Whether they are increasing student engagement or providing opportunities to work across disciplines, these U of T Engineering graduate students aim to improve engineering education both in Canada and around the world.
Kirstin Newfield (CivE PhD candidate) and Alan Fong (MIE MASc candidate) are enrolled in the Collaborative Program in Engineering Education (EngEd). Launched in 2014, the EngEd program allows master and doctoral students from either U of T Engineering or the Ontario Institute for Studies in Education (OISE) to join the small community of scholars immersed in research and learning at the nexus of education and engineering practice. The program is the first of its kind in Canada.
Students apply to the program through their home departments, but are brought together at a weekly seminar course where they share ideas and discuss theoretical foundations, methods and topics related to engineering education. Students also take a core course that introduces them to engineering learning, knowledge, assessment, and culture and community.
“Our educational methods need to evolve to meet society’s changing needs — we can’t hope to educate the engineers of tomorrow using the teaching approaches of yesterday,” says Professor Greg Evans (ChemE), director of the EngEd program. “The EngEd program builds on the innovative work that many professors from U of T Engineering and OISE are already doing, and will help us find and shape tomorrow’s best practices.”
Kirstin Newfield (CivE MASc 1T4, CivE PhD candidate): Cross-disciplinary collaboration in sustainable urban design
Newfield believes engineering students should embrace opportunities to work across disciplines — especially those outside of engineering — while they’re still in school.
The belief comes in part from her own experience working in an engineering consulting company, where she encountered architects for the first time. She was surprised to discover just how differently engineering graduates and architects thought about urban design.
“Architects tend to be more focused on creative expression, whereas engineers have a more pragmatic approach to design,” she says. “I wanted to study the relationship between engineers and architects at the early stages of their professional development, and see how we can connect them sooner.” Under the supervision of Professor Jennifer Drake (CivE), Newfield is creating a project-based course that would provide civil engineering and architecture students with opportunities to work together at the graduate level.
Newfield says that her favourite thing about the EngEd program is the APS 1206 Engineering Education Seminar course. “I feel like I’ve been able to connect with a lot of different people who have similar interests,” she says. “We are a select few, so being able to exchange ideas once a week is very helpful and creates a supportive community.”
Through the EngEd program, Newfield met people who are collaborating with her on another project focused on engineering education in developing countries. “Many of the world’s fastest-growing cities are in the developing world and will require a significant increase in engineering talent to accommodate this growth,” she says. “Engineering education will have to be reimagined to meet this growing demand in limited-resource settings.”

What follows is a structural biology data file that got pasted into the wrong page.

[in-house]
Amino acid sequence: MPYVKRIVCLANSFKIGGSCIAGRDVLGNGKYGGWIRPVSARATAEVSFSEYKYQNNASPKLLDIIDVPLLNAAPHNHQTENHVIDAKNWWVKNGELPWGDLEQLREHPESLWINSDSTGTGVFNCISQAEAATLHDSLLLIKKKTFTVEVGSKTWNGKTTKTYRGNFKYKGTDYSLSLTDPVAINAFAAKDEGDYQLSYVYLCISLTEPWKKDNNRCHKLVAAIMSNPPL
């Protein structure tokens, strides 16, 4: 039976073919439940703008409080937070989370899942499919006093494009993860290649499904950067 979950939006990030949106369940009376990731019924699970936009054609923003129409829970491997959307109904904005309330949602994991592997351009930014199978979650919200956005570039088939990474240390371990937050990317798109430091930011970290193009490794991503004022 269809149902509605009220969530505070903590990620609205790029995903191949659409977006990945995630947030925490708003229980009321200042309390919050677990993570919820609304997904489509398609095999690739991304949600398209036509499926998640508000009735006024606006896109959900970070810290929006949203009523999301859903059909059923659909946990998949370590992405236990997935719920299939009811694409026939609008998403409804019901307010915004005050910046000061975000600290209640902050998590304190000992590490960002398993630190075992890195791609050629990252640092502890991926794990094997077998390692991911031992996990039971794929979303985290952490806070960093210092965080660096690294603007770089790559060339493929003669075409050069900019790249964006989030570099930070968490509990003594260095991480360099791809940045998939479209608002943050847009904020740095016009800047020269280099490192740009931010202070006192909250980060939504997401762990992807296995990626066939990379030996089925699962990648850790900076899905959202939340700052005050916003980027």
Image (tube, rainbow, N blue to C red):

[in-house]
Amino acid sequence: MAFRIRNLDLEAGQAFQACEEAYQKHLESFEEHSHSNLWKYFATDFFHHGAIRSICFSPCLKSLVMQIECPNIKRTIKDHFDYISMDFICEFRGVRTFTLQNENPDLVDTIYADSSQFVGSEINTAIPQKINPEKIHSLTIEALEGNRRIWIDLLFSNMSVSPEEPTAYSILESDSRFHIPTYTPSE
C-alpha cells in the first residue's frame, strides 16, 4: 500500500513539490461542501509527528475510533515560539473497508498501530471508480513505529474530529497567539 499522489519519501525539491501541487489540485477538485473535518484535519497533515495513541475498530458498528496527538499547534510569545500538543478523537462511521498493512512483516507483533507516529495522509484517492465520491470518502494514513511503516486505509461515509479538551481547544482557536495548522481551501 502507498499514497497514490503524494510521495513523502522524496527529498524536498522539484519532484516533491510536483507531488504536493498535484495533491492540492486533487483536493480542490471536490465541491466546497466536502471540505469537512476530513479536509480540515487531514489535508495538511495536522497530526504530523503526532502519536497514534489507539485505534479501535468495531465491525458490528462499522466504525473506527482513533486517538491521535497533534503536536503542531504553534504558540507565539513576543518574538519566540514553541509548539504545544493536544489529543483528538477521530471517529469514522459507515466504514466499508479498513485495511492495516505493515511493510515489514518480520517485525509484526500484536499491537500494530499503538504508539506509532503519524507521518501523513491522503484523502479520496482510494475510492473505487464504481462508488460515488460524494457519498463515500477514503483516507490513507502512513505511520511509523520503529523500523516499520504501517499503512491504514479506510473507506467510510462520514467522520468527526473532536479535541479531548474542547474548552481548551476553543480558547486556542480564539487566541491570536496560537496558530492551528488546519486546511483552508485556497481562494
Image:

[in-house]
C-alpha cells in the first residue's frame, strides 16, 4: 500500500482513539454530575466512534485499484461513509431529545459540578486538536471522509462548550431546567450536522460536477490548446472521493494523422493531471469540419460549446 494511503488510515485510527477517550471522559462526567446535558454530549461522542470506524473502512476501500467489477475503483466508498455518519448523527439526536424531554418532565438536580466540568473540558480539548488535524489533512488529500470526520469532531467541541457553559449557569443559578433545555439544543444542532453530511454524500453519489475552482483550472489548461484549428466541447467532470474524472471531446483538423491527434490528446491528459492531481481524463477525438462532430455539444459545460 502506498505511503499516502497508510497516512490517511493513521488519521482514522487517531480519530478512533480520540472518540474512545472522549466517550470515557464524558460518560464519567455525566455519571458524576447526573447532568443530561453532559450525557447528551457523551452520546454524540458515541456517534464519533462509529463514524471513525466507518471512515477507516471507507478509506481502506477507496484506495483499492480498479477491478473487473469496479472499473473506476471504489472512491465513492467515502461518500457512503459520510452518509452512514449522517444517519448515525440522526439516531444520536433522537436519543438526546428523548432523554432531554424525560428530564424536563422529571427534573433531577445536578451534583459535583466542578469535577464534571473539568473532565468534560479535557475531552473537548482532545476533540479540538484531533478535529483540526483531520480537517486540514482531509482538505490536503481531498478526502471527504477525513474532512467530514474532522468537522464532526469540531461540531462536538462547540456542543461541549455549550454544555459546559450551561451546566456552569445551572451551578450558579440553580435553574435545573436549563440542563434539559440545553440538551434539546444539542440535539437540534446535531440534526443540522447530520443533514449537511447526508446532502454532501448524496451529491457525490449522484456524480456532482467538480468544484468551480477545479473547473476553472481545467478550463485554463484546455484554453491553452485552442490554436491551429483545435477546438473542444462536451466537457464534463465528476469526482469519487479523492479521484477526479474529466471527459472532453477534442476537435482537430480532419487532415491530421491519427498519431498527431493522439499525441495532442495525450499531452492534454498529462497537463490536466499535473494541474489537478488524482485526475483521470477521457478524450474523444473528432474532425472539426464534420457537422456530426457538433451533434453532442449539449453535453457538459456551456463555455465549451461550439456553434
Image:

The project is still in the formative stages, but Newfield and her teammates are discussing ideas for how online education could help address the need for engineering training. Another focus of the project is to incorporate sustainability principles. “If fast-growing cities are built with sustainability in mind, we have the chance to prevent what we see in the developed world, which is cities with a large legacy of energy-inefficient infrastructure,” she says.
Alan Fong (CompE 1T3, MIE MASc Candidate): Gamification in the classroom
Fong aims to increase student engagement with undergraduate lectures by leveraging the trend of “gamification,” which involves adding fun elements derived from video games — like point scoring or competition — to daily life.
Many popular smartphone apps make use of gamification to encourage activities that might otherwise feel like work, from physical fitness to learning a new language. Fong believes that gamification can also help address the culture shock many students experience in their first year of university.
In addition to his computer engineering degree from U of T, Fong holds a bachelor of education and spent a year teaching high school physics and mathematics for the York Region District School Board. There, he became very aware of the difference in teaching styles between secondary and post-secondary education institutions.
“In high school, we check homework and make sure students are studying for tests,” says Fong. “In contrast, many university courses have only two summative evaluations: the midterm test and the final. It’s very easy for students to put off studying, then cram just before the test.” Unfortunately, this approach does not lead to good retention of concepts.
Fong thinks one way to keep students engaged on a regular basis is to look at how they are rewarded for class participation. “Marks are one kind of currency,” he says. “I wonder if it’s possible to create another type of currency.”
For example, Fong knows a professor who uses “learning bucks” as a reward for asking questions in class or otherwise actively participating. Learning bucks can be spent on a larger self-made aid sheet for the midterm, or to waive the class’s one-day-late penalty.
Fong plans to use MIE 242 Psychology for Engineers, taught by his supervisor Professor Mark Chignell (MIE), as a testing ground for his gamification ideas. “We want to create a framework that other instructors can use, regardless of what they teach,” says Fong. “We hope it will provide them with a new tool to keep students more engaged with the material.”